Rob Moshein - The Austin Wine Guy

What can be achieved in just 8 years?

May 30, 2009

Jason Englert at Grape Creek Vineyards posted this as a comment on my previous Austin Wine Festival Blog.

I can agree with you on the issue of some of the wineries pricing strategies. But don't forget, California over produces wine ever year and has to sell it on the open market. Texas, on the other hand, struggles to produce half of the needed grapes to supply all of the wineries. So yes, fruit, juice, and wine has to be imported into the state. Somebody must be buying the wine. The state wine industry is in a growth mode. We lack the vineyard/ winery research that other regions have enjoyed. Or growers have trouble deciding which root stocks to use in their vineyards because there has not been any ongoing research.

Now, Jason, I’m fully aware that California over produces wine, but any vineyard that buys wine/grapes from 1500 miles away to make their wine just can’t be taken seriously.  I feel the same way about wineries that import bulk juice from Australia and bottle the crap in Calfornia to sell in the market. I also sense from your comment that you seem content with the state of things “so somebody must be buying the wine.” Well, that makes you Blog 1, you are content with the way things are going, you think your product is just fine, can’t get better, so why take issue with blog 2?

Look, if Texas lacks the research other regions have enjoyed, why not do your own? If growers don’t know what rootstock to use, well, why not find comparable regions world wide and see what they use there?  Do the homework.

I guess I bring all of this up, because the Tuesday before the Festival, I had the pleasure of having lunch with Brice Cutrer Jones.  Brice was former owner and founder of Sonoma Cutrer.  You might know the wine.  After selling Sonoma Cutrer to Brown Forman in 1999, Brice decided he wanted to make Pinot Noir. So, he did his research.  Found out what climates and soils are best suited to Pinot Noir, He went to Burgundy and asked a lot of questions; in short, he did his homework himself.  He did his own research, lots of it.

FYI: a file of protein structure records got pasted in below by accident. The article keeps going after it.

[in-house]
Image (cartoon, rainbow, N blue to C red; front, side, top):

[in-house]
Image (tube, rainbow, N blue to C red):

He bought land in the Russian River Valley, because Pinot Noir does well there,  and scraped an old apple orchard clean, and planted Pinot Noir.  In 2005, he released Pinot Noir under the label Emeritus.

His 2006 Vintage, current release, are among the best Pinot Noirs I have had from Calfornia.  Complex flavors without density, attractive noses, and very much Burgundy in style.  Sophisticated wines, that are not pretentious, just well made and elegant.  The Russian River is a feminine style, with voluptuous fruit and a more elegant and delicate flavor strucure.  The William Wesley Sonoma Coast is a more masculine, earthy and bolder statement of Pinot Noir. They are clearly world class wines, and while not cheap, they compete easily at their $50-65 price point, delivering more than most California Pinot at the same price.

What does Emeritus and Brice have to to with the state of affairs in Texas?  My point here is this:  In just eight years, Brice Jones started with nothing, did his homework, did his research and created a winery, Emeritus, that now produces wines EASILY recognized for quality and highly competitive in the market..  What has Texas done in those same 8 years??  If Emeritus could do that in 8 years, why hasn’t Texas?


Rob Moshein

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Raves, rants, musings, ponderings and wine whines... trends, tasting notes, the Austin Wine Guy Rob Moshein shares his world of wine and thoughts about it with you.

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